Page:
Re: [Cbor] Decoding of 64-bit CBOR ints on 32-bit systems

Carsten Bormann <> Sat, 27 April 2019 22:06 UTC

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From: Carsten Bormann <>
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Date: Sun, 28 Apr 2019 00:06:30 +0200
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To: Felipe Gasper <>
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Subject: Re: [Cbor] Decoding of 64-bit CBOR ints on 32-bit systems
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Hi Felipe,

> On Apr 27, 2019, at 23:14, Felipe Gasper <> wrote:
> 	Is there either a custom or a standard that guides interpretation of 64-bit CBOR integers on 32-bit systems that don’t have 64-bit emulation?

How to interpret this question depends a bit on what you are trying to do.  Let me try to list the possibilities:

(1) I have an application protocol that makes use of integers that don’t fit into the 32-bit integers I have on my systems.

(2) I have an application protocol that doesn’t make use of such integers.  A CBOR encoder could still use a 64-bit form for such an integer (non-preferred encoding).

Orthogonal to this is the question whether you are employing a generic CBOR decoder or an application-specific one.

I think for (2) with a generic CBOR decoder, my recommendation would be to handle this in the generic CBOR decoder (e.g., by checking that the upper 32 bits are zero); similarly for an application specific CBOR decoder.  Alternatively, the application protocol could outright forbid 64-bit forms, just like it could forbid floating point numbers.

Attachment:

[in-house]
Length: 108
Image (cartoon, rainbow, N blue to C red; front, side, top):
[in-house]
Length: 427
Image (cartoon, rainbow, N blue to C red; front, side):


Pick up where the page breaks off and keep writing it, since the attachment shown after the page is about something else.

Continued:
For (1), any application-specific CBOR decoder would then have to handle this case in a way that makes sense for the application.  A generic CBOR decoder could define its own 64-bit integer type (not necessarily with all the usual operations implemented), e.g. as a struct of two 32-bit unsigned integers.  Such a generic decoder would, of course, also work for (2); I’d probably still recommend that the decoder deliver integers where the upper half is zero as simple 32-bit integers.  An application of type (2) would handle any input that has those 64-bit structures as “unexpected” input.

Similar considerations apply for other data types not supported by the platform, e.g. 64-bit floating point values (or floating point values at all); it is maybe more obvious how to handle these.

After trying to handle your question in a general way, I think you can see what we would like to know about the specific circumstances to really answer this question.

Grüße, Carsten